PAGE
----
Image courtesy Brazil's National Agency of Terrestrial Transport
A proposed high-speed rail line received no bids.

A $21.3-billion high-speed-rail project in Brazil has been delayed for a third time after no offers were presented at auction this month. Government officials say they will now modify the proposal in hopes of attracting bidders in a new auction later this year.

The Trem de Alta Velocidade Rio-São Paulo, or TAV, will provide a direct link between two of the country’s largest metropolitan areas. The 510- kilometer line would extend from Rio de Janeiro to São Paulo and terminate at the city of Campinas. The design calls for trains with operation line speeds of 280 km per hour.

The TAV auction was suspended on July 11 when no firms submitted bids by the presentation deadline. It marks the third time the process has been pushed back due to the difficulty of attracting private operators for the project.

The head of Brazil’s National Agency of Terrestrial Transport, Bernardo Figueiredo, says foreign firms had found it difficult to form a consortium with Brazilian companies, a condition of the bidding process. “We had long discussions with investors. However, they were not able to obtain national alliances with contractors, which harmed the bid,” he says.  “We are changing this so that the work has the lowest costs possible and attracts the largest number of companies possible.”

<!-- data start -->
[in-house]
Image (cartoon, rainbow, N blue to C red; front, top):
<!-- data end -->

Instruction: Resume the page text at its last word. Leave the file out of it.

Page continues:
According to the ministry, the TAV project now will be split into two stages: first, the securing of a high-speed train operator; second, construction of the line. The contract will be revised to better define the rights and responsibilities of the contractor and to change speed requirements for the train, allowing for a wider array of technology to be used.

“There are two advantages with the new model,” Figueiredo said. “More companies may be eligible, and the time involved can also be reduced because works within the two portions can be done simultaneously.”

If the changes are implemented, the first auction could occur later this year, with a second auction in 2012. The earliest construction start date would be in 2013.

With an estimated six-year construction schedule, only portions of the train line would be in operation before 2019. Brazil initially hoped to have the TAV in operation prior to the 2014 World Cup, but the difficulty of attracting offers to construct the line pushed the target back to the 2016 Olympics.